While there, Edna begins learning to swim, and as she learns to control the water she in turn discovers that she has agency over her own body. When she comes back from the island, this new outlook on life clashes with her husband’s old world values, and he endeavors to stop what he sees as utter madness. At one point, a family doctor recommends to Léonce that Edna spend time at her ancestral home, far away from the water, to return her behavior to what he knows as normal. Edna expresses a dislike of and actively avoids certain parts of society, but cannot fully separate herself from the motherly duties forced onto her by traditional gender roles, unlike her muse Mademoiselle Reisz. These duties, ultimately, prove to be the fetters that cause Edna to sink downward, and lead her to end her life in the same ocean where it truly
Edna strays far from land and although she is frightened at first, she discovers a feeling she has never felt before: freedom. “A feeling of exultation overtook her, as if some power of significant import had been given her to control the working of her body and her soul” (27). For the first time, she challenges herself, and she is able to do something she was not able to previously do. Learning to swim is Edna’s first step in her journey to challenge and defy society. The cover of the novel is effective because the picture of Edna emerged in water alludes to the fact that she is connected to the sea and finds her awakening in the
Esther Greenwood- magazine editor by conformity, yet secretly suicidal by choice. She is the first seen victim of caving in to what she thinks she must act like within Plath’s novel. There are many highlight moments to depict how everyone, in a way, is just like Esther- hiding yet seemingly unafraid. From the beginning, we are told that she’s surrounded by popular, beautiful women and as far as we can infer, she had the dream job as an editor. However, we also find out that she hasn’t been happy since the age of nine and has attempted suicide on multiple accounts.
Lady Macbeth’s character undergoes a complete personality transformation by Act V. The anxiety she had always feared is enhanced as she sleepwalks and guiltily relives her actions. “Out, damned spot, out, I say!...Yet who would have the old man to have so much blood in him” (Act V, i, 25-30). Through her death, Shakespeare enhances his philosophy that she utilized her free will to make negative decision which led to a guilt-filled fate. Macbeth’s character had built up an arrogant personality because of Hecate’s and the other witches’ prophecies. “Bring me no more reports.
The suicide of her husband has a lasting impact on her outlook on life as she places the blame on herself, causing her to become reluctant about letting go. She develops a great dependency on others and their opinions, as she wants to be wanted and acknowledged for her beauty, which is ever fading. The event continues to haunt her
It was like honey, and her song like a drug. It trapped you, pulling you deeper and deeper into its clutches until you were lost, swept away as easily as foam on the waves. She sat atop a solitary cliff, luring innocent sailors and beggars and princes alike, captivating their helpless mortal bodies before crushing them without a word, feeding off of their very souls without a touch of remorse. And for decades, millennia even, she existed like this, manipulating and killing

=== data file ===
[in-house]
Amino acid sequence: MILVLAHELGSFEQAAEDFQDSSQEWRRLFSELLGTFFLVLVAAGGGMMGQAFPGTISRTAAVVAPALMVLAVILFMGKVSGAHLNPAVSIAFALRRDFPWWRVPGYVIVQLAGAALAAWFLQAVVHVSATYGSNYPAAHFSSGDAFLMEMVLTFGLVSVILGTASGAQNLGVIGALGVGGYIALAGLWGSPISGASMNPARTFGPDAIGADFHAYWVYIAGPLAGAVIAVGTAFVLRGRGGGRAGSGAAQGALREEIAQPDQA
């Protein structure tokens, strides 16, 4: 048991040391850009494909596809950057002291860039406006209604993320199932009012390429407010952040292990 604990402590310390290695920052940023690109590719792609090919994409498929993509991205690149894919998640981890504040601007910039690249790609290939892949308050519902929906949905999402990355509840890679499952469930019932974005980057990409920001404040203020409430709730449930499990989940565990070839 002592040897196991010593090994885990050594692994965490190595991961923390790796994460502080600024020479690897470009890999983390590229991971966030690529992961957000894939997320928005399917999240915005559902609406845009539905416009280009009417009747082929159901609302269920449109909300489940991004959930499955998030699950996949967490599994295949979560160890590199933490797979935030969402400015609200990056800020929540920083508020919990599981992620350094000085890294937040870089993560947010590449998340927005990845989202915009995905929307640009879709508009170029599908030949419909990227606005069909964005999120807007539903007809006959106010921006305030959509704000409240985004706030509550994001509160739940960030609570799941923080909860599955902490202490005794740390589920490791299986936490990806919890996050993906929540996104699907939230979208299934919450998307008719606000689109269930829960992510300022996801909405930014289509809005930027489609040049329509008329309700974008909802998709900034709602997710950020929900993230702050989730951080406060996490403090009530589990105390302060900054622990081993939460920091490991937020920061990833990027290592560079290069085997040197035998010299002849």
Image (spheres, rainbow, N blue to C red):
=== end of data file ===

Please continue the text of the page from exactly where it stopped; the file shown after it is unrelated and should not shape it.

Ophelia and Hamlet were in love which in turn made it burdensome for her to forgive him for killing her father. Similarly to Hamlet, Ophelia went “mad” when her father was killed. Specifically, Gertrude said, “Her clothes spread wide, And, mermaid-like awhile they bore her up, Which time she chanted snatches of old lauds, As one incapable of her own distress Or like a creature native and endued Unto that element” (Hamlet 4.7.172-175). Ophelia had to be bored up because she couldn’t handle the distress that she was feeling. Ophelia’s madness was easily seen with her actions and appearance.
Within her poem, she writes, “At twenty I tried to die/ And get back, back, back to you.” The personal reference to her suicide attempt and the explanation supported, exposes the readers into the trauma she faced and what led to her tragic attempt at death. Repeatedly mentioning the word “back” shows how deeply she longs to be with her father and it has caused her to feel suicidal. The repetition enhances her pleading as a way of escaping the dark
“A Rose for Emily” is a dark, suspenseful Gothic tale in which a young girl is put on a pedestal by a town who sees her as haughty and scornful. Miss Emily Grierson’s father controls her and her love life, pushing away all people until he dies and Emily is left alone. As her life goes on the townspeople watch her and judge Emily, almost turning her life into a spectacle to be talked about. At her death, a gruesome sight is unfolded when her lover of over forty years ago is found decomposed in her upstairs room. William Faulkner effectively builds epic suspense in “A Rose for Emily” by the unchronological order of the story, the treatment of Emily’s father towards her, and her family’s history of mental illness.
Her agonizing fall climaxes as Mrs. Hale realizes that “She was going to bury it (the canary) in that pretty box” (Glaspell 16), uncovering a motive for the killing of her husband. The respective protagonists were also driven into madness by their husbands and a lack of support from their friends. With the narrator of “The Yellow Wallpaper,” her husband as well as her husband’s sister were simply ignorant to her pleas for help. Minnie Wright, on the other hand, suffered from a mentally and physically abusive relationship and a lack of support from any friends at all. Despite the commonplace of men in powerful positions in each story, they are both considered feminist works as women are given a larger role and have better ideas than